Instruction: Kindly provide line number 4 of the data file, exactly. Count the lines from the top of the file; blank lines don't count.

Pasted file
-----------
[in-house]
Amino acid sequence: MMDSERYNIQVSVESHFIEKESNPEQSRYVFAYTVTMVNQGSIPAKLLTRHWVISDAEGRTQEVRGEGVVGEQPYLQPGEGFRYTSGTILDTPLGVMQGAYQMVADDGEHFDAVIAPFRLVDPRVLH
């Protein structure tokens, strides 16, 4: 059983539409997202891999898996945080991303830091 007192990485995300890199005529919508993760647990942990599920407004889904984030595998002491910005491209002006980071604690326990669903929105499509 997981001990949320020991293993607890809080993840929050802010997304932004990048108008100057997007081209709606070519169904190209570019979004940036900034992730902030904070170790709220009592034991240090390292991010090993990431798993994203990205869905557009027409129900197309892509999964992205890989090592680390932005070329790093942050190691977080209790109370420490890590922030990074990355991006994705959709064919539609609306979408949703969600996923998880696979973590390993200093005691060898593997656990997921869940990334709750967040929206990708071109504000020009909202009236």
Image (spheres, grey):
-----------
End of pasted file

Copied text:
Image (spheres, grey):